It was just midnight yesterday when the press embargo covering Intel's Sandy Bridge micro-architecture with their new Core i3/i5/i7 and H67/P67 chipsets expired. While at Phoronix we have known how Sandy Bridge would work with Linux
, the lack of "out of the box" support for the next-generation Intel graphics under Linux or an easy-to-use way to deploy the open-source drivers on existing distributions caused a bit of an uproar by other journalists. Well, more like a big uproar
As I've been talking about over the past two days to a number of different parties, it can be a challenge to deliver open-source GPU Linux drivers
at launch due to the different components that make-up the driver stack. It's not that there aren't any Sandy Bridge Linux GPU drivers available, they're all in Git form right now and will be released as source packages in the coming days (Mesa 7.10, xf86-video-intel 2.14.0, Linux 2.6.37), but it isn't too easy for end-users to deploy.
The Sandy Bridge Linux graphics support isn't actually too bad besides lacking out-of-the-box support or any easy way to easily upgrade the driver stack for novice end-users of Linux. There's open-source OpenGL acceleration (though it's over classic Mesa and not Gallium3D), VA-API video decoding (and encoding support is evidently on the way this quarter), 2D/KMS, etc. This support though will be found in Ubuntu 11.04 when released in April and Fedora 15 in May, so it's really just the very early adopters that will be impacted by having to roll their own driver stack or find any third-party package repositories.
Intel though admits it could have done better with its Linux launch support. In one of our active threads in the Phoronix Forums
, Jesse Barnes admits they sort of messed up
with the Sandy Bridge launch. Jesse is one of the open-source Linux developers at Intel responsible for the support upbringing and ongoing driver development across their DRM / Mesa / DDX.
No, this is our job, and we blew it for Sandy Bridge. We're supposed to do development well ahead of product release, and make sure distros include the necessary code to get things working (we have separate teams to do development and aid distros in backporting, though most of them can handle it by themselves these days).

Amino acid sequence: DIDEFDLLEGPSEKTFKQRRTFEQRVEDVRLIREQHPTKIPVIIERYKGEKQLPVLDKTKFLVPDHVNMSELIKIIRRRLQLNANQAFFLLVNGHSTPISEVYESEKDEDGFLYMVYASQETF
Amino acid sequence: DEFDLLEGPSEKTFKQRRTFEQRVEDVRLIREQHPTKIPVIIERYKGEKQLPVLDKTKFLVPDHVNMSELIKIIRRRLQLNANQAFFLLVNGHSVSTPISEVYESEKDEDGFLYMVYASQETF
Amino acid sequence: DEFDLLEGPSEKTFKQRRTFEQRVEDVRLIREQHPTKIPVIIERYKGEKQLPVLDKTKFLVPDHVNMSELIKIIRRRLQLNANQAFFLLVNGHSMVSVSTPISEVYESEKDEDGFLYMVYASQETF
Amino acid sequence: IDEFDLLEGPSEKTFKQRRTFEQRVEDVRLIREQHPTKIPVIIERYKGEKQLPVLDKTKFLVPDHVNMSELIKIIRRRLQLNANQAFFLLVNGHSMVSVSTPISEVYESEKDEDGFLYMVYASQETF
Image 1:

I could give you all sorts of explanations as to why this is (Sandy Bridge is a big architectural change, we made some mistakes in defining our development milestones, and we didn't work hard enough to get our changes backported), but really there's no excuse. Fortunately we've learned from this and are giving ourselves more time and planning better for Sandy Bridge's successor, Ivy Bridge.
As for a stable ABI, yes it would definitely help situations like this and make lives easier for distros, device manufacturers, and probably users. But it would make life harder for developers, and as we all know, open source development is driven by developers, and we're a whiny and lazy bunch. (Yes, this is a flippant remark, don't take it too seriously since I omit much of the complexity behind the "life harder for developers" part that has big implications for users, distros, and device manufacturers; it's a complicated issue.)
At least it looks like things may be better for those Ivy Bridge early adopters and reviewers... Ivy Bridge is the Sandy Bridge successor. Again though, for Sandy Bridge things went well (assuming the performance isn't bad once we are able to run our tests) aside from perhaps some timing issues for providing out of the box support. There can be underlying changes made to improve the process of releasing open-source graphics drivers and making them more easily update-able by end-users of Linux, but this isn't an Intel or Sandy Bridge-specific issue but is something that affects all hardware vendors. This also isn't something that can quickly change overnight.
We will be delivering our Sandy Bridge Linux performance results as soon as we gain access to the CPUs and build the latest code from Git.